Keep in mind you can add a second web of carbon if the spar is curved in the center section as it is with the CO7.
With the carbon or balsa web material cut to match the depth of the web required, it is now a matter of slightly abrading the corner of the web slot to allow a greater bonding area for the spar caps.

For some more information, have a look around in

Nic Wright's Model Aircraft Supplies

With the spar web accurately glued to the cores and the cores accurately glued together, the spars are installed, either prefab or carbon tows style. With the prefabricated sort it is important to get an excellent bond, Cabosil and resin can be used here as used by Klaus in the trailing edge section below. With the carbon tow style of construction, it is sometimes recommended to bag and shape the spars first and then bag the skin, if you are not familiar with the level you can fill the spar slot, before it will leave a lump in the skin.
I will be doing it always, as I prefer not to risk all that work, not to mention the cost of the carbon skins!

If you wrap the joiner tubes in kevlar tow and superglue or resin, and then fuzz them up with a file, they will key nicely into the carbon spar caps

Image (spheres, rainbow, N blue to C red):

I was shown how to make sharp trailing edges by a friend called Klaus Mittendorff. Klaus lives just over 4 kilometers from where I was staying for a short time in Toowoomba and I often found that I turned up at the right time to see Klaus doing some precision building. (Klaus was a precision engineer as a first trade and it shows with how he goes about his modeling.) I have learned quite a bit by watching and assisting and would like to pass on some of the techniques that I have witnessed. Klauses' trailing edges were the first thing that I noticed and they are a relatively easy thing to achieve.